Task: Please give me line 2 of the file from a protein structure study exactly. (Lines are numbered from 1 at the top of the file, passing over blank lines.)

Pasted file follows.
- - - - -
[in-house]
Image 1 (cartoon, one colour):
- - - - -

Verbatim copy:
Image 1 (cartoon, one colour):